Original Paper

Archives of Sexual Behavior

, Volume 39, Issue 6, pp 1289-1296

First online:

Sex-Dimorphic Face Shape Preference in Heterosexual and Homosexual Men and Women

  • Aaron N. GlassenbergAffiliated withDepartment of Psychology, Harvard University
  • , David R. FeinbergAffiliated withDepartment of Psychology, Neuroscience, and Behaviour, McMaster University Email author 
  • , Benedict C. JonesAffiliated withSchool of Psychology, Aberdeen University
  • , Anthony C. LittleAffiliated withDepartment of Psychology, Stirling University
  • , Lisa M. DeBruineAffiliated withSchool of Psychology, Aberdeen University

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Studies have used manipulated faces to test the preferences of heterosexual individuals for sexually dimorphic facial cues. In contrast to previous studies, which have generally excluded homosexual participants, we directly compared homosexual and heterosexual male and female preferences for manipulated sexual dimorphism in faces (homosexual males: n = 311; heterosexual males: n = 215; homosexual females: n = 159; heterosexual females: n = 218). Prior studies on sexual orientation and preferences for faces that were paired with masculine and feminine behavioral descriptors suggest that homosexual men prefer more masculine men and that homosexual women demonstrate no preference for either masculinity or femininity in women. In our study, we tested for similarities and differences among heterosexual and homosexual males and females with regard to their preferences for a more specific aspect of faces: sexual dimorphism of face shape. Homosexual men demonstrated stronger preferences for masculinity in male faces than did all of the other groups. Homosexual women demonstrated stronger preferences for masculinity in female faces than did heterosexual women. These results suggest attractiveness judgments of same-sex faces made by homosexual individuals are not a mirror image of those made by heterosexual individuals of the opposite sex. Our data suggest that face preferences of homosexual individuals reflect a system of biologically and socially guided preferences at least as complex as those found among heterosexual individuals.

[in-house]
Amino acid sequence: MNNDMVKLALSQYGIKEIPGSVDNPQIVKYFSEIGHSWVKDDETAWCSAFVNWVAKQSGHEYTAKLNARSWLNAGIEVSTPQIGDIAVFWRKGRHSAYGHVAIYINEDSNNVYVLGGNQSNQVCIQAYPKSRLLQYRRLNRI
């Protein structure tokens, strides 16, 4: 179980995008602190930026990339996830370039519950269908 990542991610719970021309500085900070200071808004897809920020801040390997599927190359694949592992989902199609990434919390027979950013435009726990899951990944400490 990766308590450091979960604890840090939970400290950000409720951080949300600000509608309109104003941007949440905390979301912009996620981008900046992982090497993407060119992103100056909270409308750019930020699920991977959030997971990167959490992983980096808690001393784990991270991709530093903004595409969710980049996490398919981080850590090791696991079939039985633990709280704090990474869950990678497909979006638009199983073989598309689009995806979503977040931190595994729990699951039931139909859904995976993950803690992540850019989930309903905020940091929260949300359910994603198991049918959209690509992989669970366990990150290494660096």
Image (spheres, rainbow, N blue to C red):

Face Attractiveness Homosexual Heterosexual Masculinity Femininity Sociosexual Orientation Inventory